I’m afraid that I may have created a bit of a monster when I started highlighting hotshot instrumentalists every Tuesday on this blog, because a chap emailed me a couple of weeks ago about a recent post I had of King Crimson‘s decidedly non-power-pop track “Frame By Frame”. He said something to the effect of “Love that King Crimson track. I’ve got some music I’ve recorded that you might be interested in.”
O Tuesdays, What Hath Ye Wrought!
I’ll tell you what they’ve wrought: they’ve led me to mislead a British prog-instrumentalist (is that a genre?) by the name of Matt Stevens into contacting a power pop blogger in the hope that I’d help spread the word about his music.
Now, I’m all for promoting artists, but I didn’t quite know how to react to the prospect of attempting to persuade power pop lovers to listen to some new music that’s not even remotely power pop.
(I know there was that awkwardness a while ago involving Spanish band Megaphone Ou La Mort where a few of you decried “That’s not power pop, you idiot!”, but the band told me that their music had elements of power pop, and I’m a trusting kind of guy, so…)
I replied to Matt and told him that this was a power pop blog and his music may not go down well here. He answered by saying that he likes power pop, too – especially Jason Falkner. I thought “OK, I can live with that” which prompted me to make an effort to promote a non-power pop guitarist on the blog.
Most hotshot guitarists are noodly and can play very fast and all over the neck and behind their backs and with their teeth and in brightly coloured pants etc. But not Matt, he’s the opposite. Matt plays slow.
I’m mentioning all of this as a way of letting you know what you’re in for if you press the “play” button. However, before you press “play” – and I’ll understand completely if you don’t want to, because this ain’t power pop at all (it’s not even pop) – here’s my three-word summation of the Musical Stylings Of Matt Stevens™: moody and spare.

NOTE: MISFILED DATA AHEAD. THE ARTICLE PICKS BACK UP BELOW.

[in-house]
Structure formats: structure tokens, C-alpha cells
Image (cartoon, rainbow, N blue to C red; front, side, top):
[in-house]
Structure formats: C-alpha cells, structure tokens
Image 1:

So, if you’re game for something Moody and Spare©…
Matt Stevens – “8.19” (2010)
I don’t know why it’s called “8.19”, because it only goes 5:28.
Despite any numerical discrepancies, “8.19” appears on Matt’s latest album, Ghost, which you can grab over at Bandcamp on a pay-what-you-want basis. (That sounds reasonable.)
It only took me two listens* to Matt’s album before I got into the zone, so to speak, but once I was there I was carried along by its unhurriedness and how there was nothing over-the-top by way of guitar histrionics. However, I will say that I wasn’t totally taken over by the moodiness of it all because there were occasions where the guitar was slightly out of tune (track one is the main offender). But I’m not going to knock a musician or his music just because his guitar’s slightly out of tune.
Anyway, if you liked “8.19” (you may have), here’s another Moody and Spare© track from Ghost:
Matt Stevens – “Burnt Out Car” (2010)
(*I still listened to it my regulation minimum three times, and it wasn’t painful. I was pleased that I didn’t spend most of my time moaning “Oh, when is this going to end?”)